The miR-200 family is comprised of five miRNAs that are encoded within two clusters. Each cluster encodes a polycistronic gene. One cluster resides on human chromosome 1 and encodes miR-200b, miR-200a, and miR-429, while the other cluster is located on human chromosome 12, and encodes miR-200c and miR-141. Our small RNA library sequencing data () show that the miR-200 family is highly expressed in cultured normal human mammary epithelial cells (HMEC) derived from three different individuals, whereas the isogenic human mammary fibroblast cells (FB) lack miR-200 family expression (). It is apparent from the small RNA library sequencing data () that the most highly expressed members of the miR-200 family in HMEC are miR-200c and miR-141. We corroborated the expression of miR-200c and miR-141 in the same set of normal mammary samples by real-time PCR, and then expanded these results to pairs of epithelial cells and fibroblasts from prostate and skin, as well (; Figure S1
). In all cases, miR-200c and miR-141 were highly expressed in epithelial cells, but were not expressed in fibroblasts.
miR-200c is expressed in an epithelial selective fashion.
The mir-200c hairpin coding sequence and approximately 300 bp of upstream genomic sequence is CpG rich. According to our calculations using the program CpG Cluster 
this region is a highly statistically significant CpG cluster (). This CpG cluster (length 334 bp, GC% 68.56, O/E ratio 0.58, 21CpGs, p-value 8.44×10−11
) has the characteristics close to a CpG island definition based on size, GC content and CpG dinucleotide frequency 
, as well as its location with respect to the transcriptional unit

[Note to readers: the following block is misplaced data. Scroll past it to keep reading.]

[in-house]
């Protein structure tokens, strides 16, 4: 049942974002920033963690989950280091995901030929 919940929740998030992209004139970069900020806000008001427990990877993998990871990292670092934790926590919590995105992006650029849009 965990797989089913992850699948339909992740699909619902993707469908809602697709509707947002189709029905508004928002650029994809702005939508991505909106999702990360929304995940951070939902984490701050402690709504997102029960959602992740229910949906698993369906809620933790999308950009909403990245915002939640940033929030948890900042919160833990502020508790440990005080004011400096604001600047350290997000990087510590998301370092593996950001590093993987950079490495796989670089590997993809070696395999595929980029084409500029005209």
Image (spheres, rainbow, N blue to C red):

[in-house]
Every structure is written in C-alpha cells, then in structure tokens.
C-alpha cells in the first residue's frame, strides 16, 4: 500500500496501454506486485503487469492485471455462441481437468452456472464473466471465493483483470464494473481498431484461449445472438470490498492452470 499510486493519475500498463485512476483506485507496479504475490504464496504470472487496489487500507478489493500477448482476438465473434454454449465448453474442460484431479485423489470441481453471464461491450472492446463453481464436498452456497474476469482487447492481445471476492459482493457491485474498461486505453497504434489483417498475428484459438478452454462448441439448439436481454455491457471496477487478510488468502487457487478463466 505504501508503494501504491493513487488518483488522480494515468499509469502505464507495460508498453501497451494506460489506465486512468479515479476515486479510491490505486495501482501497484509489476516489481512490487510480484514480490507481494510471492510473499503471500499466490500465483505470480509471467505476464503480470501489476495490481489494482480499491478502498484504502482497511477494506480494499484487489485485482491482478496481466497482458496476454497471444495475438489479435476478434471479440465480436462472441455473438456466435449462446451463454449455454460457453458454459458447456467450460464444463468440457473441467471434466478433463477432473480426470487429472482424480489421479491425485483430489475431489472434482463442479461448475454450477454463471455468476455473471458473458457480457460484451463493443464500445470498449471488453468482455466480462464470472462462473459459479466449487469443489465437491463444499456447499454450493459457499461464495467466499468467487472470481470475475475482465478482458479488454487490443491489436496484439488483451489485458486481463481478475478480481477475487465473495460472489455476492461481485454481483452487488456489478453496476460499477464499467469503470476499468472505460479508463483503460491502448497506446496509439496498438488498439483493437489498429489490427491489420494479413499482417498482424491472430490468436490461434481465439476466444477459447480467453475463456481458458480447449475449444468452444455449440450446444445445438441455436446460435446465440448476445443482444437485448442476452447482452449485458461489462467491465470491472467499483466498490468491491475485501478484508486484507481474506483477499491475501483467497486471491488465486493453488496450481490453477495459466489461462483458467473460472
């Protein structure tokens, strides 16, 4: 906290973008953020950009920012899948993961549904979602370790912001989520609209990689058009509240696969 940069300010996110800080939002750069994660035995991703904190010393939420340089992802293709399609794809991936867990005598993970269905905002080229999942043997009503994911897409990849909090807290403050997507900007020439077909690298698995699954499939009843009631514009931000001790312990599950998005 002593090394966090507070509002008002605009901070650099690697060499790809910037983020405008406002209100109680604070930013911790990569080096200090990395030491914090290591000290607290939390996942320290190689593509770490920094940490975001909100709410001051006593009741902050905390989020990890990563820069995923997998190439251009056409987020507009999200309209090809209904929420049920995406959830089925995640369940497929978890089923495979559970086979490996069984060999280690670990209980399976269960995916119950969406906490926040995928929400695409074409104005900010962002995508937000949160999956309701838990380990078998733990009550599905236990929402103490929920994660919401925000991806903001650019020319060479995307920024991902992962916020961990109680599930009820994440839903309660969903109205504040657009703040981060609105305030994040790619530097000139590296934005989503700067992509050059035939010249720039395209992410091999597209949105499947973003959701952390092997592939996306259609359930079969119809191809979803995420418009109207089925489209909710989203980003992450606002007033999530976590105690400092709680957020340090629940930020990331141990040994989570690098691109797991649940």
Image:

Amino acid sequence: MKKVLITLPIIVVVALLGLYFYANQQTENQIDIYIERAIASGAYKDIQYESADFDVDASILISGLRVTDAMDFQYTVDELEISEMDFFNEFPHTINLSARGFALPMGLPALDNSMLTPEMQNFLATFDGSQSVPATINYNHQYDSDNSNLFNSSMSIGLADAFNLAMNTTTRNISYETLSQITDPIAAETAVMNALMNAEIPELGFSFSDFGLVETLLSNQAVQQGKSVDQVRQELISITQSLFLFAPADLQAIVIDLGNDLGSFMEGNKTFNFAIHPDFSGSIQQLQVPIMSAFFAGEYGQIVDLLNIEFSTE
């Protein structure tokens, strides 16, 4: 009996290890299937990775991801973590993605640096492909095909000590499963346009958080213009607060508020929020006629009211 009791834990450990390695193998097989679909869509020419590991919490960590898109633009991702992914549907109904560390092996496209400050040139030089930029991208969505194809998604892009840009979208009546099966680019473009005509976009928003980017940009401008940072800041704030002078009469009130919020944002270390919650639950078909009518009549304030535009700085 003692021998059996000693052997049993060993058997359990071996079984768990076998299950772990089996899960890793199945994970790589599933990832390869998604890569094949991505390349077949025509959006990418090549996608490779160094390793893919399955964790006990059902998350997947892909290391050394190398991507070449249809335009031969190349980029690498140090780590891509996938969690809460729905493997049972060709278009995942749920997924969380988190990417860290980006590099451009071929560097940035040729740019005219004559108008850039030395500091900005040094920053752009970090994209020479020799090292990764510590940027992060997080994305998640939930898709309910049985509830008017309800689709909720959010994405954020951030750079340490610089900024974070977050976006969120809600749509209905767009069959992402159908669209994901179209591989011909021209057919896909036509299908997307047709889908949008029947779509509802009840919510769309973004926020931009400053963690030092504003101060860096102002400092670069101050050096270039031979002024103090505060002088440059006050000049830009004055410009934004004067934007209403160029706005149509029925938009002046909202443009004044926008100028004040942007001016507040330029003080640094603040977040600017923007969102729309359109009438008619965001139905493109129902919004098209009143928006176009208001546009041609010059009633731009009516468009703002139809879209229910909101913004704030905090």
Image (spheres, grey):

. In addition, this region is considered a CpG island based on a recently published probabilistic definition 
. We analyzed this region as a possible target of epigenetic control.
The mir-200c CpG island shows differential cytosine methylation between miR-200c-positive and miR-200c-negative normal human tissues.
The epigenetic state of the miR-200c/141 CpG island shows clear and extensive cell type specific differences between normal miR-200c/141-positive and miR-200c/141-negative cells. We used MassARRAY technology to analyze the DNA methylation state of the mir-200c cluster CpG island (). Results show that the CpG sites are unmethylated in three separate strains of miR-200c/miR-141-positive HMEC. In contrast, all the CpG sites are highly methylated in the isogenic miR-200c/miR-141-negative fibroblast strains. The inverse correlation between miRNA expression and DNA methylation extends to other miR-200c/miR-141-positive/negative pairs of normal cells, such as prostate epithelial cells and skin keratinocytes, and their mesenchymal cell type counterparts, prostate and skin fibroblasts. Thus, the miR-200c cluster CpG island is unmethylated in normal miR-200c/miR-141-positive epithelial cells, while being densely methylated in the paired normal miR-200c/miR-141-negative fibroblasts (, , Figure S2
miR-200c and miR-141 expression is lost in different types of cancer cells 
, and we sought to determine if this loss of expression was linked to epigenetic changes in the miR-200c/miR-141 CpG island. We analyzed 11 breast cancer cell lines, and in each case, miR-200c and miR-141 expression was closely linked to the DNA methylation state of the CpG island (; Figure S3
). Seven of the breast cancer cell lines tested express miR-200c and miR-141 and each has an unmethylated mir-200c CpG island. The other four breast cancer cell lines tested do not express miR-200c and miR-141 and exhibit a densely methylated mir-200c CpG island. A similar picture emerges with respect to prostate cancer cells. We show two prostate cancer cell lines (PC3 and PC3 B1) where loss of miR-200c and miR-141 expression is linked with aberrant DNA methylation of the mir-200c/141 CpG island (; Figure S3